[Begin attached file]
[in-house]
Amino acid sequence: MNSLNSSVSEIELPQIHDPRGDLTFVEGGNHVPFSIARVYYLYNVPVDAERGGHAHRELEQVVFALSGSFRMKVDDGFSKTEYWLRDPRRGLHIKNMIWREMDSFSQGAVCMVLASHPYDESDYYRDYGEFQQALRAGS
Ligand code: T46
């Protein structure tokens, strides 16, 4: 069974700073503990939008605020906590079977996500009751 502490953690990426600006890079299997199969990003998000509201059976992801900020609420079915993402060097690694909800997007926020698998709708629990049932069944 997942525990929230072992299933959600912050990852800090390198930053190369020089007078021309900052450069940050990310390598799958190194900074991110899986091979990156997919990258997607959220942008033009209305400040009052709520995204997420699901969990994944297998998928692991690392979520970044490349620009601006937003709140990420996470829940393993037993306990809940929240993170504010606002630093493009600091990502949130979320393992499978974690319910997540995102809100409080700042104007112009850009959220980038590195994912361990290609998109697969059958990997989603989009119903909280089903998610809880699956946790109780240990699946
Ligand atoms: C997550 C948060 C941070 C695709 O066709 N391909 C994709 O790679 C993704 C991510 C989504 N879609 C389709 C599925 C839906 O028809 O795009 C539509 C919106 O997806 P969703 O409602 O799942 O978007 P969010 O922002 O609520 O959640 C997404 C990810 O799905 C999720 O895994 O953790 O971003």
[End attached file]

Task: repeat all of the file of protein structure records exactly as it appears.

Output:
[in-house]
Amino acid sequence: MNSLNSSVSEIELPQIHDPRGDLTFVEGGNHVPFSIARVYYLYNVPVDAERGGHAHRELEQVVFALSGSFRMKVDDGFSKTEYWLRDPRRGLHIKNMIWREMDSFSQGAVCMVLASHPYDESDYYRDYGEFQQALRAGS
Ligand code: T46
């Protein structure tokens, strides 16, 4: 069974700073503990939008605020906590079977996500009751 502490953690990426600006890079299997199969990003998000509201059976992801900020609420079915993402060097690694909800997007926020698998709708629990049932069944 997942525990929230072992299933959600912050990852800090390198930053190369020089007078021309900052450069940050990310390598799958190194900074991110899986091979990156997919990258997607959220942008033009209305400040009052709520995204997420699901969990994944297998998928692991690392979520970044490349620009601006937003709140990420996470829940393993037993306990809940929240993170504010606002630093493009600091990502949130979320393992499978974690319910997540995102809100409080700042104007112009850009959220980038590195994912361990290609998109697969059958990997989603989009119903909280089903998610809880699956946790109780240990699946
Ligand atoms: C997550 C948060 C941070 C695709 O066709 N391909 C994709 O790679 C993704 C991510 C989504 N879609 C389709 C599925 C839906 O028809 O795009 C539509 C919106 O997806 P969703 O409602 O799942 O978007 P969010 O922002 O609520 O959640 C997404 C990810 O799905 C999720 O895994 O953790 O971003």